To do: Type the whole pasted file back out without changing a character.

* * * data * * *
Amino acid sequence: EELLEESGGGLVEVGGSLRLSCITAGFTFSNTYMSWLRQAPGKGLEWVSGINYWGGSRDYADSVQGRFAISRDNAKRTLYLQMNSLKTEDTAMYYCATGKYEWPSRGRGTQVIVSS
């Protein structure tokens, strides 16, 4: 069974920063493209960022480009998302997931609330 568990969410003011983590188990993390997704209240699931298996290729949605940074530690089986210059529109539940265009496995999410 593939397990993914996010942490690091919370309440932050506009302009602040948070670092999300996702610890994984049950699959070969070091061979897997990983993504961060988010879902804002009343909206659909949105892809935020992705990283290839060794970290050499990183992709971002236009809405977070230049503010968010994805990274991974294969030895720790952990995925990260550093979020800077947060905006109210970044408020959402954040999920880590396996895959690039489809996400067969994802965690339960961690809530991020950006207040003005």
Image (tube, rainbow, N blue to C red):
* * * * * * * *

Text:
Amino acid sequence: EELLEESGGGLVEVGGSLRLSCITAGFTFSNTYMSWLRQAPGKGLEWVSGINYWGGSRDYADSVQGRFAISRDNAKRTLYLQMNSLKTEDTAMYYCATGKYEWPSRGRGTQVIVSS
């Protein structure tokens, strides 16, 4: 069974920063493209960022480009998302997931609330 568990969410003011983590188990993390997704209240699931298996290729949605940074530690089986210059529109539940265009496995999410 593939397990993914996010942490690091919370309440932050506009302009602040948070670092999300996702610890994984049950699959070969070091061979897997990983993504961060988010879902804002009343909206659909949105892809935020992705990283290839060794970290050499990183992709971002236009809405977070230049503010968010994805990274991974294969030895720790952990995925990260550093979020800077947060905006109210970044408020959402954040999920880590396996895959690039489809996400067969994802965690339960961690809530991020950006207040003005």
Image (tube, rainbow, N blue to C red):